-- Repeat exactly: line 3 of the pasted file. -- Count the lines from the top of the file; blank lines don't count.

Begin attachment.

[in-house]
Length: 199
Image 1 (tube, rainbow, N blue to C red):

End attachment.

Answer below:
Image 1 (tube, rainbow, N blue to C red):